Watching Pedro lob up last night’s first pitch while wearing a baggy jersey and a pair of old man slacks gave off the impression of a man retired. Not so, says Pedro:
Pedro Martinez did not exactly light up the radar guns with his
ceremonial first pitch, or lob, last night at the Red Sox-Yankees opener
but he has every intention of cranking his 38-year-old body up for
another major-league contract this coming season . . . He expects to start throwing on a program this coming week with the
intent of signing a similar type of deal that he got done with
Philadelphia. The Phillies could wind up being his destination this
season as well but as he said earlier today, “We’ll see what happens
I like the rent-a-Pedro model much more than I liked rent-a-Clemens back when the Rocket did it. If Clemens had worked out all winter and committed to the season you get the sense that he could have done better during those last two years. With Pedro, you just know he can’t hold up to a whole season anymore, so why even try?
All that said, I’m not at all certain that Martinez gets the deal he wants. There was a lot of smoke and mirrors with Philly last year. His race might just be run.
Jon Morosi of MLB Network and FOX Sports reports that the Mariners have acquired starter Chris Heston from the Giants. The Giants will receive a player to be named later, per Jon Heyman of FanRag Sports.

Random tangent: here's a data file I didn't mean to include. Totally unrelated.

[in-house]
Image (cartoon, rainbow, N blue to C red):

Heston, 28, logged only five innings in the majors this past season as he battled an oblique injury and otherwise spent most of his time with Triple-A Sacramento. Heston was solid out of the Giants’ rotation in 2015, posting a 3.95 ERA with a 141/64 K/BB ratio in 177 2/3 innings over 31 starts.
Heston will be under team control through 2021. He’ll provide depth for the Mariners’ rotation in the meantime.
Joe Nathan‘s agent, David Pepe, says his client wants to pitch in 2017, per ESPN’s Jerry Crasnick. “He’s like the Energizer Bunny,” Pepe said.
Nathan, 42, came back from Tommy John surgery in July, pitching two scoreless innings for the Cubs with four strikeouts and two walks. The Cubs released him and the Giants picked him up, and Nathan went on to pitch 4 1/3 scoreless innings down the stretch with five strikeouts and two walks.
According to FanGraphs, Nathan’s velocity wasn’t where it used to be, which is to be expected of a pitcher in his 40’s coming back from major elbow surgery. Still, with teams always on the hunt for bullpen depth, it would be shocking if Nathan didn’t get any bites before spring training starts.